Ironsworn generally has two kinds of dice rolls in play: action rolls and progress rolls.

Progress rolls are static, and use the number of progress boxes you've filled in through play (ranging from 0 to 10), comparing that 'progress score' to two challenge dice, each of which is a d10. The challenge dice win ties. For each challenge die that your progress score fails to beat, you suffer one outcome level worse (from Strong Hit to Weak Hit with one challenge die, and from Weak Hit to Miss if a second challenge die proves to be insurmountable.)

Action rolls are a bit more involved; instead of using your progress score, you roll a d6 action die and add a stat you have (usually 1 or higher). The resulting action score doesn't ever exceed 10. The action score is compared to the challenge dice much like with a progress roll, with challenge dice beating ties and the quality of the outcome being reduced from a Strong Hit to a Weak Hit and then a Miss.
The action roll is also complicated by momentum, a metric running from -6 to +10 that can work against the challenge dice or against the action die.

  • If momentum is negative (-1 to -6), then exact matches of the action die (the face of the die itself) are cancelled out, as if that particular face of the die read 0 instead.
  • If momentum is positive (2* to 10), then it can be used to cancel any challenge dice lower than the momentum score; they don't count against your outcome, even if they beat your action score. (* Because a challenge die can't get cancelled by a momentum score that matches it exactly, momentum scores of 0 and 1 have no meaningful consequence.)

I can't wrap my head around the script needed to instruct Anydice to tell me the odds that any given roll (for an input progress score, and for an input action roll bonus and momentum score) is going to be a Strong Hit, Weak Hit, or Miss.

Which functions of Anydice do I need to get a grasp on to put action rolls together?

  • 1
    \$\begingroup\$ Note for Anydice experts unfamiliar with Ironsworn: there's a 1-page rules reference document on the linked website that'll clarify anything that's confusing from the text of the question (you can also read the whole core book for free). \$\endgroup\$
    – Alex P
    Feb 12, 2020 at 6:50

1 Answer 1


I've written the following anydice program which should calculate this mechanic. For the purposes of interpreting the results, 0 means a miss, 1 is a weak hit, and 2 is a strong hit.

The progress roll is pretty easy:

function: progress CROLL:s PROG:n {
  result: PROG > CROLL

output [progress 2d10 5] named "Progress 5"

Essentially, all a progress roll does is compare a target number to a pair of d10. We can do this using a function which casts a 2d10 roll to a sequence (that's what the :s part of the function definition does, and it essentially makes anydice invoke the function once for every possible combination of 2d10) and then just use a direct comparison > with the progress number. When comparing a flat number to a sequence, anydice compares the flat number to each value in the sequence in turn and counts the results; thus, if the progress number beats both d10, the result is 2, a strong hit. If it only beats 1, the result is 1 (a weak hit), and if it beats neither, the result is 0 (a miss).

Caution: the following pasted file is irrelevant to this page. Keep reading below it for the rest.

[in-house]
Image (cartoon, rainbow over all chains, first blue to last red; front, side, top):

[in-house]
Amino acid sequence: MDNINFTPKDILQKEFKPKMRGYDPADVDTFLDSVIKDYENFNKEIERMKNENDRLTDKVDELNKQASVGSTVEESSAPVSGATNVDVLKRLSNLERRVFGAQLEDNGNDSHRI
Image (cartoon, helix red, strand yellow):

We can model the action roll with a function too, though it takes more parameters as there are more variables we need to keep track of.

function: action AROLL:n AMOD:n CROLL:s MOM:n {
  if MOM < 0 & AROLL = [absolute MOM] {AROLL: 0}
  result: [highest of [lowest of (AROLL + AMOD) and 10] and MOM] > CROLL

loop X over {-6..10} {
  output [action 1d6 2 2d10 X] named "Action 1d6+2 Momentum [X]"

Here, AROLL is the 1d6 roll, AMOD is whatever modifiers we would apply to the 1d6 roll, CROLL is the 2d10 challenge dice, and MOM is our momentum value. We need AROLL and AMOD to be separate since this mechanic requires us to be able to inspect and manipulate the actual value of the die, not just the final total, and we cast AROLL to a number :n to fix it in value for each invocation of the function (like casting to a sequence, the function will be invoked once for each possible value of AROLL and the results aggregated).

If MOM is less than 0, we compare AROLL to the absolute value of MOM, and if there is a match, we cancel the action die by setting the value to 0. Then, we compare the challenge dice CROLL to either our total action roll (capped at a maximum of 10 by the lowest of function) or our momentum MOM, whichever is best - this function assumes you will always burn momentum if that gets you a better result. As with the progress roll, this is comparing a sequence to a flat number and we get the same outcomes as a result: 0, 1, or 2, depending on how many challenge dice we beat.

The loop defined in the program here iterates over the possible momentum values to quickly show us how that influences the outcome. Here's the table of results created by this example program:

Anydice table of results.

As we can see, the more negative the momentum becomes the worse the result gets, but positive momentum doesn't make a difference until the momentum value exceeds the minimum action roll result. Hopefully, it should be obvious how to modify this program to compare results with different roll modifiers and progress/momentum values.

  • 2
    \$\begingroup\$ FWIW, here's an optimized version of your program that should run about 20 to 100 times faster (due to eliminating the iteration over the 55 possible values of the CROLL parameter). Of course, for this particular exercise, your code is already plenty fast enough. \$\endgroup\$ Feb 22, 2020 at 17:35

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